By Jillian Stowe, Peoria City/County Health Department
Winter Storms in Central Illinois
Winter storms are extremely common in Central Illinois and have been one of the top winter hazards identified for our area. These storms create a higher risk for car accidents, hypothermia, frostbite, carbon monoxide poisoning, and even heart attacks from overexertion. Other than cold temperatures, winter storms can include windy conditions, freezing rain, sleet, and snow.
Alerts — Warning, Watch, or Advisory
Know the difference between the weather alerts—warning, watch, or advisory. They provide you with important information to use to take action, be prepared, or exercise caution for weather reports and warnings of freezing weather and winter storms. The National Weather Service (NWS) is a great resource, along with your local news stations, to listen for emergency information and alerts. You can also sign up on your cellphone for emergency weather alerts.
Winter Storm Warning:
- Issued when hazardous winter weather in the form of heavy snow, heavy freezing rain, or heavy sleet is imminent or occurring. Winter Storm Warnings are usually issued 12 to 24 hours before the event is expected to begin. Time to take action.
Winter Storm Watch:
- Alerts the public to the possibility of a blizzard, heavy snow, heavy freezing rain, or heavy sleet. Winter Storm Watches are usually issued 12 to 48 hours before the beginning of a Winter Storm. Time to be prepared.
Winter Weather Advisory:
- Issued for accumulations of snow, freezing rain, freezing drizzle, and sleet which will cause significant inconveniences and, if caution is not exercised, could lead to life-threatening situations. Time to exercise caution.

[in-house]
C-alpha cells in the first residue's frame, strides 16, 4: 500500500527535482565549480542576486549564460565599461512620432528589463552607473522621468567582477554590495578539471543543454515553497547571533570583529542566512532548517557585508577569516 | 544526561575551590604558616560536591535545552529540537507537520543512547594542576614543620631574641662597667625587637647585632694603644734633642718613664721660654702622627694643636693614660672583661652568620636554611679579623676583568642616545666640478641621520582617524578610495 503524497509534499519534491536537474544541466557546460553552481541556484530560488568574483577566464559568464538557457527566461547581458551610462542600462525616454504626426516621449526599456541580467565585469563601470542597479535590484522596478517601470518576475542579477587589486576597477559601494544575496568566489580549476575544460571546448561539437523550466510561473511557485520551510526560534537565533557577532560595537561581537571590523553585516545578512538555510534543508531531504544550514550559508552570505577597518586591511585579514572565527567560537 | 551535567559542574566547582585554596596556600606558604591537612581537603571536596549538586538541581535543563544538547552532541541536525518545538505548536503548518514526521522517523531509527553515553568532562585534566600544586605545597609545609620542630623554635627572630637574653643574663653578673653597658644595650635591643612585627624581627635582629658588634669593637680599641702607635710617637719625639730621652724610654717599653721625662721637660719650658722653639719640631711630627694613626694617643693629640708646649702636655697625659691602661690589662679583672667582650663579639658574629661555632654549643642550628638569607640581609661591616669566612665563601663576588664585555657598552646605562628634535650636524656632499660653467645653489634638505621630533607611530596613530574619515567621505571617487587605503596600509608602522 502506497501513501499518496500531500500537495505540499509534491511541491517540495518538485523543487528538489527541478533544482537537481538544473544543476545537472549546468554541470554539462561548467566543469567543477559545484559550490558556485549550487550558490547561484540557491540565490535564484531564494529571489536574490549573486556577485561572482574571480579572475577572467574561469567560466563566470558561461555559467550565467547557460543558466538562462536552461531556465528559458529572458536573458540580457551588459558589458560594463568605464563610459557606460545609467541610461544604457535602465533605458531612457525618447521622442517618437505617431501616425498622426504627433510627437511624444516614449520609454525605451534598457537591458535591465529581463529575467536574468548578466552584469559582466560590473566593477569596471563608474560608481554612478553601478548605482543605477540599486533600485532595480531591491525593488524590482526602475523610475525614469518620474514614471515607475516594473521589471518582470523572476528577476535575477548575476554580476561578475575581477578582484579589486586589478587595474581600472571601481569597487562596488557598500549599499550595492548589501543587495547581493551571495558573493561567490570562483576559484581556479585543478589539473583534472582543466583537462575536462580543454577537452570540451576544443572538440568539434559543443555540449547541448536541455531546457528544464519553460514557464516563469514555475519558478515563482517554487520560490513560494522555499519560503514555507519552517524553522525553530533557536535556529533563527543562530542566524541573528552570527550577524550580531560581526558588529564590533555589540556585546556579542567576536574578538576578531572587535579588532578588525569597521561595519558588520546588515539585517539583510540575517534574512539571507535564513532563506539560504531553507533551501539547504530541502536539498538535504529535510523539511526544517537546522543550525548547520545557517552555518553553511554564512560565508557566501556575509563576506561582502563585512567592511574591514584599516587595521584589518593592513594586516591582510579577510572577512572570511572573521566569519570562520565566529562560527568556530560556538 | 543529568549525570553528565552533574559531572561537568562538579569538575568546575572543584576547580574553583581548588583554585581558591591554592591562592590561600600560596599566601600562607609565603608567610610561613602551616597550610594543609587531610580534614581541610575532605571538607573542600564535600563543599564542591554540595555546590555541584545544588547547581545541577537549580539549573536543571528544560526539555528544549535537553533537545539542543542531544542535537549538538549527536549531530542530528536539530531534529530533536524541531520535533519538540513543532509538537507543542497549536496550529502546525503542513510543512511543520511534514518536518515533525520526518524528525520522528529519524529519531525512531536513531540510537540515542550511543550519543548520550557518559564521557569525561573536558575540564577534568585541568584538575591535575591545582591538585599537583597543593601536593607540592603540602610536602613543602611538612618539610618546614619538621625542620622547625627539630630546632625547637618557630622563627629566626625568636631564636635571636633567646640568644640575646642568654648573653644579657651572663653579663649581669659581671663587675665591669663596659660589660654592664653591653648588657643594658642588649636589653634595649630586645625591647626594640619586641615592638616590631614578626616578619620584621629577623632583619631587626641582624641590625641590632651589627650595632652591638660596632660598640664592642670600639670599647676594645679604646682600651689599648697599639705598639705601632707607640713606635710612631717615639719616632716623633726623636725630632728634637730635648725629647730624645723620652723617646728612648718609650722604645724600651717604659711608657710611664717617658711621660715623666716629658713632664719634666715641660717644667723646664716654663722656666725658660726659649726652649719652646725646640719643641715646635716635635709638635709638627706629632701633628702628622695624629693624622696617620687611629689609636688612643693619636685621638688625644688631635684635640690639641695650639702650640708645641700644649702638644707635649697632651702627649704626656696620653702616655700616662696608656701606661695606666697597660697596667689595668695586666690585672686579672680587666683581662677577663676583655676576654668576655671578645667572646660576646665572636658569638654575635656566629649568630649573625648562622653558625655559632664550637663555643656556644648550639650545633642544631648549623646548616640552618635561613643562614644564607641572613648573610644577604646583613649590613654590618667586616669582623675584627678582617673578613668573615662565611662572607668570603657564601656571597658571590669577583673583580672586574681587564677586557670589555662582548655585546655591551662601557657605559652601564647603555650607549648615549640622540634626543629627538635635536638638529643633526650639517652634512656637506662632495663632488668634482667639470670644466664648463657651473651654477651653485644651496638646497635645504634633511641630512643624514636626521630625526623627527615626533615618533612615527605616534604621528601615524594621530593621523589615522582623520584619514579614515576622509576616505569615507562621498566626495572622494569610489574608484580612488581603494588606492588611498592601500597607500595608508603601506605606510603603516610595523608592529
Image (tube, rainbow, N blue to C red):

Prepare In Advance for Winter Weather
Here are several ways you can prepare for winter weather. From your home to your car, use these tips to identify what you could do to plan ahead for winter storms.
- Check the caulking and weather stripping around doors and windows.
- Install and test smoke alarms and carbon monoxide detectors.
- Don’t use grills or ovens to heat your home because of the potential for carbon monoxide poisoning.
- Prepare an emergency kit for your home to include supplies that will last for several days:
– Water (one gallon per person per day for several days)
– Several days’ worth of non-perishable food
– Crank or battery-powered radio
– First aid kit
– Extra batteries for radios and flashlights if the power goes out
– Whistle to signal for help, if needed
– Plastic sheeting and duct tape to shelter in place, if necessary
– Moist towelettes, garbage bags, and plastic ties
– Wrench or pliers
– Manual can opener
– Warm clothes and a blanket
- Keep your pets in mind while preparing your kits with pet food and extra water.
- Check on your friends and neighbors, in case they might need assistance.
- Prepare an emergency kit for your car:
– Jumper cables
– Sand for traction
– Warm clothes and blanket
– Bottled water
– Non-perishable snacks
- Keep your gas tank full when there are colder temperatures outside.
Stay Safe During Winter Weather
Many people love the snow with sledding, skiing, and snowmen. Use your new knowledge of winter weather alerts and keep safety up front and center during any weather changes.
- If the weather alerts expect bad weather, stay off the roads. If you become trapped in your car, stay inside until help arrives.
- Limit your time outside to try to avoid the potential of frostbite and hypothermia.
- If you need to go outside, dress in layers of warm clothing.
- Reduce your risk of a heart attack by avoiding overexertion when shoveling snow and walking in the snow.
Jillian Stowe is the Public Health Emergency Preparedness Planner at Peoria City/County Health Department and is responsible for planning, evaluating, and implementing emergency response planning activities in Peoria County.